To me the
big politico-economic questions of today remain 1) how to answer Rodrik’s trilemma (actually a dilemma when one realizes that globalization is
unstoppable: it is, perhaps Trump is a nativist but he won with a
decisive help from a foreign power, as Pinochet became a brutal dictator because of another foreign power…) and 2) what are the main causes of
national-populism (because we should stop it if we are to make progress towards a better world). There are no easy answers.
Chile (I'm spending some days here) is a unitary country that is geographicaĺly relatively isolated, and it has been successful in developing stable institutions and a good economic performance (not perfect, inequality is still way too high). I thought that being a relatively successful geographically isolated centralized and unitary country, if I can argue that if even Chile can take advantage of federalist ideas, then any country would benefit from them.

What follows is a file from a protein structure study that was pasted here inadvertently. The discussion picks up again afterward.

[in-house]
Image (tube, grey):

By modern federalism I understand a multi-level democracy where no single level has the monopoly of sovereignty, because of the obsolescence of the nation-state. Accepting this idea would be a severe blow to the Chilean military, but perhaps it would be good for everybody else (even for some generals with an open, international and professional mind). Members of Parliament in Chile are now considering the democratic election of regional powers. Regions already have some powers, but regional presidents are appointed by the central government, not a characteristic of a multi-level democracy. As the size and complexity of government has increased in the recent decades, apparently politicians are finding it interesting to discuss the possibility of applying the subsidiarity principle to their arrangements. Of course it is no panacea, and they should make sure that new democratic powers use their budgets not to undermine the whole system but to strengthen it. Chile has an increasingly conflictive Mapuche problem and an old general problem of racial discrimination; ideas form how federal countries deal with cultural and linguistic diversity can be of help here. They also have a territorial dispute with Bolivia, which would become a lesser problem if South America or Latin America became more integrated. A good sign is that some of the big private corporations that are so important in Chile agree with this orientation: the national airline LAN-Chile (LAN meaning National Airlines) has now become LATAM (for Latin America I guess) after a series of acquisitions. And by their own choice the Chileans live in a very open globalized economy, and therefore all the problems and challenges (in the labour market, the tax system or climate change) that apply to the obsolsence of the nation-state in the times of the Internet and big data also apply to them. The argument seems to work. Then it works for any country.